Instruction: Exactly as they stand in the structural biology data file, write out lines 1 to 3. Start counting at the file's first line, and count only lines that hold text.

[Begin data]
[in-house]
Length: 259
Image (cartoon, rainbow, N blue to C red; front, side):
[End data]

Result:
[in-house]
Length: 259
Image (cartoon, rainbow, N blue to C red; front, side):